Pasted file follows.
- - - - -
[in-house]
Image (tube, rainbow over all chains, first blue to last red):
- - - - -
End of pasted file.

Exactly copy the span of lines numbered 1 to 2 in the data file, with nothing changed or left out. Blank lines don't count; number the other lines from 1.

[in-house]
Image (tube, rainbow over all chains, first blue to last red):